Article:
Nobody asked me to document the Sauratown Trail, and I’m sure the last stragglers among my Bay Area readers wish I would move on to sexier terrain, but I feel like this stretch of dirt deserves bloggage. The trail itself is so-so, but the effort that went into getting it built is something else. As I mentioned last time, local hikers and horse riders just made up their mind to do it, then did it.
I doubt these posts will inspire any decisions to explore the Sauratown Trail or die trying. Then again, maybe a few will stop by and think “hey, they built their own trail, why can’t we?” That’d be cool with me.
My latest Sauratown trek happened a couple weeks back in a welcome break from the worst-winter-in-ages we’ve been having in North Carolina’s Triad this year. It was sunny morning that warmed up nicely, with only one annoyance: abundant mud. The Sauratown Trail Association recommends avoiding the trail when it’s muddy — hiking is bad enough on trails this squishy; riding horses is out of the question.
Combining sections 12 and 13 makes an easy 6.5-mile out-and back hike. Best way to do these together is to park near the east end of Section 12 along Brims Grove Road (there’s no parking at either end of Section 13). Here’s a Google map of the area:
View Sauratown Trail in a larger map
Section 13 is the long purple route; Section 12 is the short orange one; the Brims Grove Road parking area is at top center.
Here’s a shot of the parking area:
From there you cross the road, turn right and stroll up the shoulder till you see markers — one for Section 11 (which I’ll cover next time) on your left and one for Section 12 straight ahead.
It looks like this. (Tip for shutterbugs: see how rich the color is in early morning with the sun behind you? Even boring pictures of trail markers look better in this light).
Section 12 notes
You stroll up the roadside for a short stretch, then turn southwest at a trail marker and head into the woods. This section brushes right up against somebody’s farm, and it feels a bit like trespassing to be so close to their back yard. No, it ain’t wilderness; yes, it’s a unique experience.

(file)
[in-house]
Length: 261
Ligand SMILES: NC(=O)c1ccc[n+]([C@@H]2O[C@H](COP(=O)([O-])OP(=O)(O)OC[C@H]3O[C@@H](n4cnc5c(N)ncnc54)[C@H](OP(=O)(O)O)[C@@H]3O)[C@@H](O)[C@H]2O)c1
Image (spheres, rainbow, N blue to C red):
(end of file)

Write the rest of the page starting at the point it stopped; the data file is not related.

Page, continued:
Eventually you’ll come out on a gravel road, turn right and cross Volunteer Road. You might see this steed along the way.
Sauratown Mountain will be visible on your return trip if the skies are clear.
Section 13 notes
This is my favorite of the five Sauratown Trail sections I’ve hiked to date. The first section parallels a creek so there’s abundant running-water vibes to calm the mind, then there’s a potentially harrowing creek crossing followed by a pretty hike through pine woods till you reach the west end and do it all over again on the return leg.
After you cross Volunteer Road, you follow the shoulder of Coon Road till you see this sign on the left. The descent into the deep woods is rapid — the sound of cars on the road fades quickly.
Soon you’ll be getting all riparian along this creek.
The trail hugs the timber at the edge of this farmer’s field. This is the muddiest part of Section 13.
Then there’s this creek crossing. The water was just high enough to make the footing just precarious enough to soak my feet in both directions. A hiking staff is very handy here.
This section passing through a pine grove was among the prettiest along the way.
Here’s the sign at the west end of Section 13, near Bradley Road, where you reverse track and retrace all your steps.
I found this amusing: A no-hunting sign under a deer stand. Which reminds me: the Sauratown Trail is closed in December for deer-hunting season. As a courtesy to hunters (you know, the guys with the guns) it’d be kind to stay off the trail for the last couple weeks of November, too, so the woods revert to a more natural state of hunter and hunted.
Sauratown Trail links
- EveryTrail GPS tracks
- Sections 14-16
- Sauratown Trails Association.
- Trail descriptions, by section.
- Map download (PDF)
Sauratown Trail Google map.
View Sauratown Trail in a larger map